Langerhans' cell histiocytosis
Langerhans' cell histiocytosis (LCH) is a very rare condition with a high survival rate. Histiocyte cells normally help protect the skin, but sometimes the body has too many of them and they move around the body, causing damage.
LCH can affect bones or organs and the symptoms present in a number of different ways. These can range from a skin rash and lumps on the skull to a swollen tummy, breathing difficulties and diarrhoea.
About 50 children in the UK are diagnosed each year. It can affect children of any age. It is more common in boys than in girls.
What causes Langerhans’ cell histiocytosis?
The cause of LCH is unknown. It is not hereditary. It is not cancer and the good news is that there is a high survival rate.
Children with LCH are more likely to get lung disease triggered by smoking so all family members of children diagnosed with LCH must not smoke. The child or teenager diagnosed with LCH should never smoke themselves either.
The immune system contains cells called histiocytes. Langerhans’ cells are a specific type of histiocyte that help fight infection in the skin. When a child has LCH, these cells spread through the bloodstream to other healthy parts of the body where they can cause damage.
LCH can be divided into two groups. Single-system LCH is when only one part of the body is affected. Multi-system LCH is when multiple parts of the body are affected.
What are the signs and symptoms of Langerhans’ cell histiocytosis?
The symptoms of LCH depend on many factors, including which part of the body is affected and whether it is single-system or multi-system.
LCH often takes the form of a single lesion in the bone, but it can involve many organs and sometimes in infants it presents is a similar way to leukaemia.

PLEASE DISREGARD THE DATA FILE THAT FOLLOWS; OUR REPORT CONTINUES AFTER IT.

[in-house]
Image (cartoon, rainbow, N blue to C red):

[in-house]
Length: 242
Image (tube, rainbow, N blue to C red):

The symptoms can be quite general:
- LCH in the bone can cause pain in the bone and maybe lumps on the skull
- LCH in the skin can cause persistent nappy rash and cradle cap
- LCH in the abdomen can cause fever, swollen tummy, diarrhoea and maybe jaundice
- LCH in the lungs may cause breathing difficulties
How is Langerhans’ cell histiocytosis normally diagnosed?
As the symptoms for LCH are quite general and it is very rare, sometimes many doctors are visited before the diagnosis is suspected. A biopsy is needed to confirm the diagnosis. Then other tests are done to see which organs are involved these include x-rays, scans, blood tests and urine tests.
How is Langerhans’ cell histiocytosis normally treated?
In some cases, the biopsy may trigger healing itself and treatment is not needed.
Although not cancer, the condition is usually treated by oncologists (cancer specialists), this is because they work with nurses trained to give chemotherapy and chemotherapy works well in the treatment of LCH.
Usually the treatment is mild and can be given on day care. Rarely young children become very sick and need inpatient treatment.
Chemotherapy can cause side-effects such as nausea, vomiting, hair loss and tiredness. The child’s doctor will discuss this with parents before treatment begins. It is important to remember that the side-effects last only as long as the treatment.
What happens next?
Most children are cured from LCH. There is a 90 per cent survival rate. About a quarter of children with multi-system disease have the disease reactivate after stopping treatment and need to be treated again. Treatment is effective even if it has to be started again.
Children can be left with ongoing problems as a result of the condition but this depends on which organs were affected. Rarely the liver is damaged to the extent that the children require liver transplant. Children with pituitary disease require ongoing life long hormone therapy. Children who have very damaged lungs may require a lung transplant.
Regular check-ups are recommended in case the condition returns. Follow-ups can also identify any side effects that may appear over time.